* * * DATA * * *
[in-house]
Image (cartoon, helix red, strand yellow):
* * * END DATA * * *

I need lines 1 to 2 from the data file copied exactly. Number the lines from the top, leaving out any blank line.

[in-house]
Image (cartoon, helix red, strand yellow):